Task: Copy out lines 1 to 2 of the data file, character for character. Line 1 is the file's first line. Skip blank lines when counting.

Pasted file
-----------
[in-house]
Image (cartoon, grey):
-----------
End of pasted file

[in-house]
Image (cartoon, grey):